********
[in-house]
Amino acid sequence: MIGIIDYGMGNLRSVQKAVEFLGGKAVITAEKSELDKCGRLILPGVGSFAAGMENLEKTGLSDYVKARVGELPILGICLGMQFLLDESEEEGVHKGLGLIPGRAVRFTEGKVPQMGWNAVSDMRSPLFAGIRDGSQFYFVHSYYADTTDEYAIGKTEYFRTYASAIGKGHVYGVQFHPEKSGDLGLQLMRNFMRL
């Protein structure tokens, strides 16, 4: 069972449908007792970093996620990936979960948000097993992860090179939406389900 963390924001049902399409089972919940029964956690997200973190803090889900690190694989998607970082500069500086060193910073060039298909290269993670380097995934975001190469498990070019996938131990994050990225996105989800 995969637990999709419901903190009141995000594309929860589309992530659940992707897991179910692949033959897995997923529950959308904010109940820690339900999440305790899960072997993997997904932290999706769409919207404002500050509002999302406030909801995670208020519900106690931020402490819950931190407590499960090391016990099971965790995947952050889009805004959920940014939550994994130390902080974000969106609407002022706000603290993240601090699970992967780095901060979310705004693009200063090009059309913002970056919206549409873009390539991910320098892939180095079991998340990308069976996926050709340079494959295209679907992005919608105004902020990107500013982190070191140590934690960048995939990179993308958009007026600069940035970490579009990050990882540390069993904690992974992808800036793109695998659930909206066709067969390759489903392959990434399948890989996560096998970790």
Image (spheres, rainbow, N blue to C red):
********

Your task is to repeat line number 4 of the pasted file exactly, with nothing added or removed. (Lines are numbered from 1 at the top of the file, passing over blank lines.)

Image (spheres, rainbow, N blue to C red):